Dear God from now on, I’m sticking with grass.”

 

Roger White Sir Archie Ferndoodle holds an associate’s degree in comparative limerick studies from the University of Southern Panama’s Correspondence College. Sir Archie’s classics include “Oh, Staff Sergeant, My Staff Sergeant!,” “Why Is the Man Always from Nantucket?,” and perhaps his greatest epic, “The Squirrels Stopped Talking to Me Today,” For further adventures, visit oldspouse.wordpress.com.

 

 

Lenticular Haiku, by Sir Archie Ferndoodle

9 Jan

by Roger White

Fellow time/space voyagers and other occasional devotees of “This Old Blouse,” I am more tickled than a duffel bag full of marsupials to announce the return of my dear friend, front porch sartorial mentor, and fellow breakfast-nook philologist, Sir Archie Ferndoodle (applause, applause, applause).

Yes, the former poet laureate of the Greater Southwestern Scribes Society, which meets every third Thursday in the back of Sue’s Salon in Cement, Texas, has been gently coaxed out of quasi-retirement to once again bless us with phrasings, words, syllables, parts of syllables, and renderings of nocturnal animal sounds from the Ulan Bator region as only Sir Archie can. (And remember, if you mention this column at Sue’s Salon, you get 10 percent off a five-ounce jar of Sue’s Coconut Heel Scrub with the purchase of at least $20, not including her patented Tomato-Lye Jamboree Hair Tonic.)     

As I’m sure you remember, the esteemed Fernie holds an associate’s degree in postmodern comparative limerick studies from the University of Southern Panama’s Correspondence College and has been featured five times in the American Anthology of Poetry. Just a few of his classics include “Oh, Staff Sergeant, My Staff Sergeant!,” “Why Is the Man Always from Nantucket?,” “The Squirrels Stopped Talking to Me Today,” and his latest, “A Stitch, a Horse, and a Can of Pearl,” which was the inside-cover poem in the most recent edition of the Cement Area Greensheet.

The more astute of you may have seen Fernie’s hand in the Christmas edition of “This Old Mouse.” Raise your hand if you had the notion that Sir Archie was the ghostpen behind“The Nitrous Before Christmas.” Well, you’re dead wrong; I wrote that while flying low in my dentist’s office, but I did have ol’ Fernie in mind. In fact, he may have actually inhabited my body during that whole experience, but we digress again.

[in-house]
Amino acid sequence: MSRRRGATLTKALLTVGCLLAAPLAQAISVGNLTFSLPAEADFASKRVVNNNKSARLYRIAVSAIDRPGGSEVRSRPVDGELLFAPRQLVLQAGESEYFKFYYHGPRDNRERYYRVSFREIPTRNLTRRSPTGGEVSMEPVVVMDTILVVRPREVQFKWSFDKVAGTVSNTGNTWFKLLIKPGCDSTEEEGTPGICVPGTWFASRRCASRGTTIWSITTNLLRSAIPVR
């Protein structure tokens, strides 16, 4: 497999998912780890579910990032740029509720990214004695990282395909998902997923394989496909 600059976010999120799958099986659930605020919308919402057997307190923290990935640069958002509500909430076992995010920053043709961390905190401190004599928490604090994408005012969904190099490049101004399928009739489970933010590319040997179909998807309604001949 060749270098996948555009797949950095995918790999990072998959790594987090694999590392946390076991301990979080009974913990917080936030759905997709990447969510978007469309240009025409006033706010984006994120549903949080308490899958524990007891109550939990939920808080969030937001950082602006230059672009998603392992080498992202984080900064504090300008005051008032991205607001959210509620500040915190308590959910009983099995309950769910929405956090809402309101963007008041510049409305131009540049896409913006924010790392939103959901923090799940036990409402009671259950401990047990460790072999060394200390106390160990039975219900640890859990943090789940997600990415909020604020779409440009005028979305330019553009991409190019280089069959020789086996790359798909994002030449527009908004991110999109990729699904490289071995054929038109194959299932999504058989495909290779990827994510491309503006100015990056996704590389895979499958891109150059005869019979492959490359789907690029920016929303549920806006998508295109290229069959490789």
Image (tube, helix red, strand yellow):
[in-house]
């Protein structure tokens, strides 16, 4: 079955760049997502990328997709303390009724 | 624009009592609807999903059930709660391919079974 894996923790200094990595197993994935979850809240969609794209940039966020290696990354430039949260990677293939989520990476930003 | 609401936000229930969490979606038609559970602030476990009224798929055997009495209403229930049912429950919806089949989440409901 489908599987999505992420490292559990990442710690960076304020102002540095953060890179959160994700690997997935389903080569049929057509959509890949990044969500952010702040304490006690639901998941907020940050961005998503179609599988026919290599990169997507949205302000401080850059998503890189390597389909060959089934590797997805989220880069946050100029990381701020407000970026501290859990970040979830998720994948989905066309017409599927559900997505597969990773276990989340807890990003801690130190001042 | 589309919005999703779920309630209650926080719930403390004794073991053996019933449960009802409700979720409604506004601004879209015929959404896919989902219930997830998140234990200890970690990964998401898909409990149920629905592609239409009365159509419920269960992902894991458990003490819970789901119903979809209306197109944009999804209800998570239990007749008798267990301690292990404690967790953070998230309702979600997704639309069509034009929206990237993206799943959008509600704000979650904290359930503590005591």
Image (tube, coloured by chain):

So anyway, without further magoo, I give you Sir Archie Ferndoodle, who has just returned from a five-month sojourn at the Tao Sendaha Haiku Sweat Lodge, just north of Pittsburgh.

 

Lenticular Haiku

by Archie Ferndoodle

 

Hand old, withered

Extended to young happy boy who

Smiles and

Coughs up a small border town near

Flagstaff.

 

Deposit slip with no meaning flutters

In brown surge of empty day. I find Julia at

Home making love to the Buick

Again.

Better judgment whispered

Toyota, Toyota.

Toyota. Smash hindsight with

Bitter hammer of stoli rocks. Ah.

 

Three grateful invertebrates argue

On who passed

Wind while each ascends

The assistant professor’s

Mortgage.

 

 

 

Trees and earth know much more

Than they sing

To man accused of listening of listening

Of listening to Alex

Trebek and his minions. Only refuse

And then hear again, the daily

Double. Oh! Bodies of

Water for Four

Hundred.

 

Heat. No heat. Heat. No heat.

Damn toaster. Fling the

Shiny monster down the hillock to

CRASH waves of filament element

Parchment and wire. No heat toast is mere

bread and

Sorrow.

Dear Julia. I’m trading it

In.

 

Roger White is a freelance writer living in Austin, Texas, with his lovely wife, two precocious daughters, a very fat dachshund, and a self-absorbed cat. For further adventures, visit oldspouse.wordpress.com.

Take Heed, Young Men, of California Queens & Layered Shams

20 Jan

by Roger White

I used to think life was pretty simple. Learn to ride a bike without killing yourself; dodge the bullies in school; find something you don’t mind doing every day for 40 years that keeps peanut butter in the pantry; buy a car that runs; get a home without raccoons.

A simple plan for a simple man—and except for one adolescent NDSE (Near Death Schwinn Experience) and the raccoons, I’ve been quite successful at following my life’s blueprint.